Mary Swander, BEI Senior Fellow, recently was featured in the Des Moines Register with an article written about her effort to bring information about COVID-19 to the Amish. Read the original article here or keep scrolling.
In eastern Iowa, concerned neighbors take steps to ensure Amish get word about COVID-19
A conversation with one of her Amish neighbors near Kalona left Mary Swander feeling uneasy.
It was March 13, five days after Iowa announced its first COVID-19 patient, and the elderly man Swander was speaking with seemed unaware of the pandemic that was just then creeping into Iowa. The longer they spoke, the more her worry grew — for her friend and the other 1,200 Amish residents in Johnson and Washington counties.
Swander decided to talk to a few more people at a store that caters to Amish customers. That confirmed her fears.
“They had a vague inkling about it, but they were kind of making a joke out of it. And that’s what got me really concerned, because without TV, radio, internet, they wouldn’t know how bad it is,” Swander said.
“They were kind of half taking me seriously and half-thinking I was alarmist. I could feel that tension.”
The Amish started as a Christian sect that arose in Switzerland and Germany in the 16th century as part of a schism with the Catholic Church. They arrived in Kalona in 1846 and have eschewed modern technology, from automobiles to telephones. They maintain a traditional lifestyle in the clothing they wear and in the way they worship, farm and educate their children.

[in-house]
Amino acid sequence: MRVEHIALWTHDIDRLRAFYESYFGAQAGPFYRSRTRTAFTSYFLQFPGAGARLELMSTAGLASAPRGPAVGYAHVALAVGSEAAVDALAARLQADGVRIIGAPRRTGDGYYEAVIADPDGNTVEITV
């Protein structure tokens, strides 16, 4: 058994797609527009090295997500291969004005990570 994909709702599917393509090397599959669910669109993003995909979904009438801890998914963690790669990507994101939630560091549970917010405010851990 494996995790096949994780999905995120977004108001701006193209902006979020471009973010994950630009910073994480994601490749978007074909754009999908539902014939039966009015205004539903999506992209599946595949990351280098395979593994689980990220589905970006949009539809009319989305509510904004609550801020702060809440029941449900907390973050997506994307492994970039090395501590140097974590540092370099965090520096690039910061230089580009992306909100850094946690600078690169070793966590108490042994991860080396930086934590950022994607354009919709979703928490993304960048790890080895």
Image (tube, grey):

But they are far from isolated.
Amish horses and buggies are ubiquitous around Kalona, an eastern Iowa town of about 2,500, as they ride to town to shop or bank or attend auctions. There are local car chauffeurs who make a living bringing Amish people into Iowa City, where Menards and Walmart are popular stops. The Amish will rent buses or vans for trips to Indiana or Ohio for weddings and funerals, Swander said. Lacking health insurance, they will travel by train to Mexico if they need a major medical procedure.
Swander is a retired professor, an author and a poet. She has lived among the Amish and studied them for 30 years. Her house used to be a one-room schoolhouse used by Amish families.
From her window last week, she could see Amish children still riding their bicycles to attend their current school.
Swander knew what exposure to the coronavirus could mean for a segment of society that hadn’t gotten the word about social distancing.
“They’re a very communal culture, so they have these large gatherings, especially weddings and funerals. And they have church in their homes, so they might have like 200 people in their house for church or their barn or their basement,” Swander said.